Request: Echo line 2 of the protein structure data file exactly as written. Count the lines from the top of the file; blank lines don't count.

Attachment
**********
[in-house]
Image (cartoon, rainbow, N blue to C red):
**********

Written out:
Image (cartoon, rainbow, N blue to C red):